Stanford study shows many city charters besting district schools
Students in nearly 50 charter schools across the city are outperforming their peers in district schools on state tests, according to a study by an education research group at
The report, which was done by the Center for Research on Education Outcomes, known as CREDO, uses the same methodology the group used when looking at the performance of charter schools in several states across the country.
CREDO’s study of charter schools across the country offered a mixed picture — charter schools in some states did better than local schools, while others did worse — but New York City stands out as having a particularly successful crop of charter schools.
Overall, the study found that charter schools are scoring about five scale score points higher in math and two points higher in reading than students in district schools. It also found that in students’ first year at a charter school, their reading scores decrease modestly, but then rebound and eventually top those of district school students in the following years.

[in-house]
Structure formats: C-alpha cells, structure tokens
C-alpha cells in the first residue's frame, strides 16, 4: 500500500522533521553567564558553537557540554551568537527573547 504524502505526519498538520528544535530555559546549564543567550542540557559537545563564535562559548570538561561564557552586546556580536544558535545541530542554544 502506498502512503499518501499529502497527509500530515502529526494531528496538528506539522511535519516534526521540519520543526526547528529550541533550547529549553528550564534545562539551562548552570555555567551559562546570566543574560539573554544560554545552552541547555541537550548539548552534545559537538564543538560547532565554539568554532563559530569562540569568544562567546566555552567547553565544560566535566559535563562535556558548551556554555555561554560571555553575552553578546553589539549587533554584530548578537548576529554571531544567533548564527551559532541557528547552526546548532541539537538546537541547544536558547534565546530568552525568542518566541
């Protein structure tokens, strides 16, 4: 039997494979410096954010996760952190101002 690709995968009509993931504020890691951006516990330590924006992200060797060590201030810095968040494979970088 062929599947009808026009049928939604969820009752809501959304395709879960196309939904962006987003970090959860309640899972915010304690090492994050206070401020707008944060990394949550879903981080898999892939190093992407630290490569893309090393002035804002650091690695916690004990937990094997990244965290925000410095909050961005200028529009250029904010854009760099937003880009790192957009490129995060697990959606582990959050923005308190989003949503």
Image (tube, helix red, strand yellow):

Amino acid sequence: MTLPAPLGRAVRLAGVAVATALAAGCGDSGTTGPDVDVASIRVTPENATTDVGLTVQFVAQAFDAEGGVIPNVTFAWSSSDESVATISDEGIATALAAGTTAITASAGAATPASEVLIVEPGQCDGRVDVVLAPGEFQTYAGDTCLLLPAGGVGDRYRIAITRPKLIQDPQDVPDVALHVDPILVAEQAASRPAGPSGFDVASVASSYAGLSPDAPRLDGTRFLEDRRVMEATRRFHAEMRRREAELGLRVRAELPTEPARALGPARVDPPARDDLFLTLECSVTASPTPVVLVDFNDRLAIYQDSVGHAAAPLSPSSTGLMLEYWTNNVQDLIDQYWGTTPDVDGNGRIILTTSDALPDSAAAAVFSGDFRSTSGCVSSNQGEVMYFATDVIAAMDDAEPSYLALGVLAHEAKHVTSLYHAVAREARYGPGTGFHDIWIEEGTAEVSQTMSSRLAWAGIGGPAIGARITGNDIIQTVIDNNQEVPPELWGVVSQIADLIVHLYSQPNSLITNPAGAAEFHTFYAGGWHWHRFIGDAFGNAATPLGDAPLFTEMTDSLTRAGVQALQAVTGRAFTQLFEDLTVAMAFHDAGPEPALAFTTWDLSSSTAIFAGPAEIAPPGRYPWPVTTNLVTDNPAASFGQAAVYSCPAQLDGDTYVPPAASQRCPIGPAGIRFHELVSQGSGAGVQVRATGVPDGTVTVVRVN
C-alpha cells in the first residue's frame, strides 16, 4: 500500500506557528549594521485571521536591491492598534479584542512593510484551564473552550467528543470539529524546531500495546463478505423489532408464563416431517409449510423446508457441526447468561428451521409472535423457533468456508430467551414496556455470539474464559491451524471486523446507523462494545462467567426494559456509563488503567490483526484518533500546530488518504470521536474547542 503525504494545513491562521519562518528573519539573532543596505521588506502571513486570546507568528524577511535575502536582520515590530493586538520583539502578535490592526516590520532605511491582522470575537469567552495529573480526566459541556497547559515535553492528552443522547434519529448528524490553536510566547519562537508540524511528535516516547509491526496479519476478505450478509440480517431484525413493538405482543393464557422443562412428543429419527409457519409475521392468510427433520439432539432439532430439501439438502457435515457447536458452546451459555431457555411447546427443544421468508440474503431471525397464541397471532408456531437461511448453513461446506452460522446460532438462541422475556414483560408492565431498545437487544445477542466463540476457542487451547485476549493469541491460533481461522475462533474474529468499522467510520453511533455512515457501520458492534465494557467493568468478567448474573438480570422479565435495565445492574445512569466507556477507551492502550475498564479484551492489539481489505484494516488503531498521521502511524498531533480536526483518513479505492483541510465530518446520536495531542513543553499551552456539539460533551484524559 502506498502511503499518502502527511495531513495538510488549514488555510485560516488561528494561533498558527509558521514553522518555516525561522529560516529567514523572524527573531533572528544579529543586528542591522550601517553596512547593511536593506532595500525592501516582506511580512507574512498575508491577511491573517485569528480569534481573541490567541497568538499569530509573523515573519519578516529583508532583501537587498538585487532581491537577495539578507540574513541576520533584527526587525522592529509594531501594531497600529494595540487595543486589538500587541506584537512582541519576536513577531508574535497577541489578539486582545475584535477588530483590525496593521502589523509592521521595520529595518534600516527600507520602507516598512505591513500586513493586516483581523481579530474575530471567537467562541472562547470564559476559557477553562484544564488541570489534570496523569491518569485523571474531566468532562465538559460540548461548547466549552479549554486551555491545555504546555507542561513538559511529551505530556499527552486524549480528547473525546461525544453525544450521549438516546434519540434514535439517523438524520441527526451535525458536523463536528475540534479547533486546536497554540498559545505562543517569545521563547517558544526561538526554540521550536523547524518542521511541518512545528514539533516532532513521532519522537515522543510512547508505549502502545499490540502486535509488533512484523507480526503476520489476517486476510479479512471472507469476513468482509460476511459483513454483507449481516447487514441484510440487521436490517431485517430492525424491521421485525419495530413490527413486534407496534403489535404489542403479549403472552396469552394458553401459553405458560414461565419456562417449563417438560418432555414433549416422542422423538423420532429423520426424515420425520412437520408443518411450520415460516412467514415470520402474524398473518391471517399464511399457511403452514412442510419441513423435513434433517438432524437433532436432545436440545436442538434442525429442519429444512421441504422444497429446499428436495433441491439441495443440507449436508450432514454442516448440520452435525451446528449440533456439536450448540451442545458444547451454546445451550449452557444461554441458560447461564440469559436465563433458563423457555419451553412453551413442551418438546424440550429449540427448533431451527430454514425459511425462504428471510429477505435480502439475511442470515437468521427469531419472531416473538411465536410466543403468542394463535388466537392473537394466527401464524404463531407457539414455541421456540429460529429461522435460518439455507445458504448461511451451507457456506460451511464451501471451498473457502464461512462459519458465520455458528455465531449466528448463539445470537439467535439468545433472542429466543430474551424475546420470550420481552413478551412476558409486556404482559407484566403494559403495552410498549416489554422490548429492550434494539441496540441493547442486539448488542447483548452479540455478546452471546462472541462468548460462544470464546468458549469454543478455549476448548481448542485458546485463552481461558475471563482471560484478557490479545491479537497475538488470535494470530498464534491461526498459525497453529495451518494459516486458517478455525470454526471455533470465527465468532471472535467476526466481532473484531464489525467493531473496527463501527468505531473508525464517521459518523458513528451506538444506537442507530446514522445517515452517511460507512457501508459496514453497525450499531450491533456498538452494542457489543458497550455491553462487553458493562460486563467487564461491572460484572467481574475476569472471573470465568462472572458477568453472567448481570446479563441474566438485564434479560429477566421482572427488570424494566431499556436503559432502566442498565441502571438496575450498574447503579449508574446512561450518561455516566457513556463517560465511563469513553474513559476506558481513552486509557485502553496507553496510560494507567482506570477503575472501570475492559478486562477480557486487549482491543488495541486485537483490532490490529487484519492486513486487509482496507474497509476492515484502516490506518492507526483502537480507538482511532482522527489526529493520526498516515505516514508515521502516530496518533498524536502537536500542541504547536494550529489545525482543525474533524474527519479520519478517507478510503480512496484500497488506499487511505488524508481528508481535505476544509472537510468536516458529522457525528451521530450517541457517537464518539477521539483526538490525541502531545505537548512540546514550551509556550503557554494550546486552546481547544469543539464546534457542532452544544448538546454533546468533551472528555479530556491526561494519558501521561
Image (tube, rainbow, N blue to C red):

CREDO director Margaret Raymond said charter schools may be having a harder time getting their reading scores far beyond district schools’ scores because the city has been focusing on literacy programs for years.
Columbia Teachers College Professor Aaron Pallas had another theory: “The kinds of math skills that are tested are just more responsive to test prep than reading is.”
The study also found that black and Hispanic students have higher test scores than peers in district schools, but students who are not fluent in English and special education students in charter schools are not performing any differently than those in district schools.
CREDO’s study “doesn’t tell us what would happen if there was a great deal of expansion of charter schools,” Pallas said. “The new schools coming on line may not be like the ones that are already there. We don’t know much about the newer charter schools and how they’re doing.”